“Sometimes you don’t have to say anything and it’s sufficient to just serve a cup of hot tea, give them (victims) a pat on the shoulder and be there for them,” Associate Professor Chang Weining shared her experience of giving psychological first aid when she headed to the disaster area after Sichuan earthquake.
In the aftermath of a disaster, there would be deep psychological impacts on the victims. Psychological first aid, a form of immediate post-incident psychological support is needed to help victims cope with these changes, relieving their fears and re-establishing their psychological resilience (strength of mind).
In the morning of 10th October 2009, SFCCA, Singapore Chinese Chamber of Commerce and Ministry of Home Affairs’ Community Engagement Department jointly organised the third installation of “Psychological Defence”. The seminar was attended by over 20 representatives from SFCCA.
In addition to the introduction of the bombing attack in Jakarta, Associate Psychology Professor Chang Weining from Nanyang Technological University also shared with the audience her experience of providing psychological first aid in the earthquake-stricken areas of Sichuan province with the audience in an illustrated manner.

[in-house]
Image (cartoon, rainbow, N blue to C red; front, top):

Associate Professor Weining Chang emphasised that a person who performs psychological first aid must first understand the language of the victims, be able to remain calm, and avoid tearing in order to calm down the victims. The main objectives of psychological first aid is to ensure the victims’ sense of security, to assist them in calming down, to provide the victims with psychological as well as emotional warmth, and to gain a clear understanding of their specific needs. At the same time, the victims should be made aware of their abilities, shown that they have the value of survival, praised for their courage, and encouraged to take the initiative in coping with life’s difficulties.
She pointed out that victims need respect, not sympathy.
Associate Professor Chang explained that trauma is a normal reaction to an unusual accident. They are not patients, and what bystanders can do is to give them the right kind of help. She believes that everyone has a survival instinct and when they eventually walk out of the trauma, they will emerge stronger.